You could always listen to the villain instead. Heath Ledger’s voice was central to his Joker, skipping along in harlequin steps (“you’re a freak…like me!”) before clenching with terrifying fury. The original Bane is a smart brute, hulking yet calculating, and Tom Hardy magnifies that one good idea by giving him tones marvelously jaunty and genteel. His threats glint inside oblique mockery. (The film’s one politically astute line comes from Hardy’s hidden mouth: told mid-attack that the Gotham Stock Exchange holds no money, he sneers, “Then why are you here?” Invisible capital!) Along with the voice, there are moments of unnerving gentleness, as when Bane strokes his erstwhile employer’s shoulder, about to brush him from existence. Would I misread to wonder if Dark Knight Rises, a film very much in the paramilitary mode of 21st-century superhero adaptations, presents this costumed tenderness as another sign of evil? Why does Nolan think that a reactivated urban-assault prototype (formerly the Batplane) hovering overhead is a more comforting sight? Standing outside the theatre afterwards, Carl groused: “I don’t go to a Batman movie to watch people dodging missiles.”

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Filed under chris randle, comics, movies

Tuesday Musics: “Drone Operator,” by Jon Langford

by Carl Wilson

Above: Earlier art about unmanned flying things by Jon Langford.

I wanted to share this song with people from the moment I first heard it at Jon Langford’s concert in Toronto on Saturday night, and thankfully Joe from Mechanical Forest Sound – with his characteristic reliability – recorded it and has posted it.

Listen here.

Langford’s show at the Horseshoe was a three-part affair, opening with a Welsh miners’ choir and closing with Langford’s long-standing collaboration with Toronto’s own The Sadies (they started with one of my favourite songs by Langford’s landmark band, The Mekons – “Memphis, Egypt” from 1989’s Mekons Rock N Roll – “Destroy your safe and happy lives before it is too late …”). But this tune came from the middle set by a mini-version of Langford’s Skull Orchard band, with Jean Cook on violin and Jim Elkington’s fluid acoustic guitar leads.

It’s a protest song on an extremely timely subject, the ever-expanding American use of drone planes for targeted assassinations – at least, sort of targeted, as the song’s eponymous protagonist, the “Drone Operator,” tries to explain away at one point: “It didn’t look like a wedding/ It really wasn’t my call.” (The way the Obama administration minimizes civilian casualties in drone strikes, by the way, is essentially to redefine anyone within range of the hits as a non-civilian.)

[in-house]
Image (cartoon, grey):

What I find most compelling about the song is its ever-shifting perspective – a highly unreliable narrator who shrugs off several skins and prevents the song from ever taking a comfortably stable point of view on its subject. It opens with what sounds like the voice of the balladric everyman, the sort of humble farmer or working stiff you might find in a country song or in “Witchita Lineman” or in Billy Bragg’s “Between the Wars” –  but rather than being merely the victim or object of larger forces, this one is their tool, their willing and perhaps even thrilling vector. His humility is gradually replaced by classic hubris – “I’m like a god with a thunderbolt” – which then itself falls apart into what seems like a kind of drunken defensive shame, and then takes a final sleazy left turn into interpersonal threat.

The last move not only “brings the issue home” and the song full-circle, it suggests the other dark side of the drone technology, the possibility of its use for domestic surveillance – and not only by police and intelligence forces, but out of mail-order catalogs by possessive husbands and jilted stalkers.

Langford’s willingness and ability to play this creepy part to the hilt is a blessing of his punk roots, and makes the song far more devastating and sharp than the standard folkie-pacifist, didactic denunciation. And the way the music swerves out from its standard Celtic-western form between verses into the slightest hint of a Middle Eastern melodic oscillation, like an oud or an ululation, reinforces the theme of the invisible threads between “there” and “here” – that what is happening to those targeted in “the tribal lands” is happening, in insidious reverse effect, to the people sitting behind the consoles, the people who give the orders, and the people who pay their salaries (but were never given a vote on this) – a pervasive grid of alienation and intimidation, a multidirectional field of remote control.


I’m not really a soldier. I’m more likely to die

By car wreck or cancer than the eye in the sky

That follows them home, right into their window –

And they never know. They never know.


When I was a young boy I played all the games.

Straight out of grad school, someone gave them my name.

So I stumbled into a job with good pay.

Through traffic and construction, I drive in every day.


So don’t call me a coward, I know what is allowed –

I’m like a god with a thunderbolt sitting on a big white cloud.

I’m a drone operator, with targets to scan.

I sit drinking coffee, with one eye on the ground in the tribal lands.


Yeah, I’m a drone operator – I am part of the team,

While I study my monitor, wipe some dust from the screen.

It didn’t look like a wedding, it really wasn’t my call –

When it all was over, I went to a bar, drank beer and watched basketball.


Can I get you a drink? Yeah, I’d do it all again,

To stem the flow of body bags the politicians find so hard to explain.

But please don’t complain. There’s no pain, no pain.

When this bar is closed, I’ll follow you home, I’ll follow you home …

In through your window. You’ll never know.

You’ll never know. I’ll follow you home.

 Follow you home.

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Filed under carl wilson, music, Tuesday Musics